“I did The Land Before Time movie poster for Amblin Entertainment. I only did the characters, not the background. This was in the pre-photoshop days and I’m at the studio and I get this big painting delivered. They said we need you to re-draw the dinosaur characters and paste them over the existing ones. I did it on one-ply Strathmore paper, which was tricky to paint on because it’s so thin. Then cut out the outline perfectly with an x-acto knife then painted the edges with a brush. It’s very hard to match outline colors perfectly. Then I took spray mount and permanently sprayed them onto this guy’s painting, which seemed kind of unethical but I had to do it.”
The Simpsons & Matt Groening
First signing with Matt: from L to R are Matt Groening, Steve Vance, Bill Morrison (photo courtesy of Bill Morrison)
Bill joined The Simpsons crew in 1990 and played a seminal role in the global expansion of the franchise. He was doing illustrations for 20th Century Fox and creating all sorts of art for merchandise, sketches, t-shirts, posters, etc, while simultaneously art-directing other merchandise artists at Klasky Csupo Animation Studio.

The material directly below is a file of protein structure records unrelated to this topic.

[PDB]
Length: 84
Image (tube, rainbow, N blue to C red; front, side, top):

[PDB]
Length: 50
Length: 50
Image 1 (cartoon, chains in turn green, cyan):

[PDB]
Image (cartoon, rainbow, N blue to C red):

“In 1987, The Simpsons made their global debut on the Tracey Ullman Show. It was one of the animated bumpers they did. Then it morphed into the December 1989 Simpsons Roasting on an Open Fire holiday special episode, then the show officially premiered February 1990. It was an immediate blockbuster hit.”
Simpsons Yellow Album art by Bill Morrison (image courtesy of Bill Morrison)